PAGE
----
Earth & Conservation

Skateboarding Saudi Women Fight Sexism in This Viral Video

A music video featuring Saudi women dancing, skateboarding and playing basketball has gone viral for its political message on women's rights.

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This YouTube video featuring several Saudi Arabian women defying tradition as they skateboard, play basketball and drive bumper cars has gone viral, racking up nearly 3 million views in less than two weeks.

"Hwages," which roughly translates to "concerns," has caused quite a controversy for its clear political message. The women in the video wear full traditional niqabs, but underneath they don colorful dresses and trendy sneakers while they play sports, something that's untraditional for many Saudi women.

One of the most notable political messages in the video is at the very beginning when all the women pile into a car driven by a very young boy. The scene appears to mock the fact that women are not allowed to drive cars or obtain driver's licenses in Saudi Arabia.

The upbeat tempo of the video's song is catchy, but the lyrics present a more somber message. The song is actually based on an old folk song featuring lyrics like "may all men sink into oblivion."

RELATED: How Sexist is Saudi Arabia?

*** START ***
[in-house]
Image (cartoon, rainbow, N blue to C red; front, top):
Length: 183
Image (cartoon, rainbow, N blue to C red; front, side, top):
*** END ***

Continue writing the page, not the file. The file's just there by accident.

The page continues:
Another video of Saudi women dancing to the same song went viral in 2014, but this most recent iteration takes a more political tone by poking fun at "disapproving" Saudi men, and featuring a cardboard cutout of Donald Trump as the leader of the "House of Men."

Over the past few years, women's rights have slowly progressed in Saudi Arabia. In 2011, women were granted the right to vote, in 2013 they were given the right to ride a bicycle and motorcycle in recreational areas, and in 2015, the country elected women into municipal government for the first time.

Yet despite these advances, Saudi Arabian society is still repressive towards women in many ways. Women are essentially second-class citizens, treated the same as minors under a system that gives male family members - husbands, fathers, brothers and even sons - power and guardianship over them.

"Hwages" has been praised by many on Twitter as an important step towards combatting that system. The video even received a positive review by one of Saudi Arabia's oldest newspapers, Al-Bilad, noting that it expresses women's rights in an innovative way.